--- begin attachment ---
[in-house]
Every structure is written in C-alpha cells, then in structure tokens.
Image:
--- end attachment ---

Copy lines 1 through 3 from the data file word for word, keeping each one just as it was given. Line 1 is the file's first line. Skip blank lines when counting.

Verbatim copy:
[in-house]
Every structure is written in C-alpha cells, then in structure tokens.
Image: